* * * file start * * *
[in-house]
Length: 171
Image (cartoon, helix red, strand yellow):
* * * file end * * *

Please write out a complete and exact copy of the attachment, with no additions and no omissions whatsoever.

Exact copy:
[in-house]
Length: 171
Image (cartoon, helix red, strand yellow):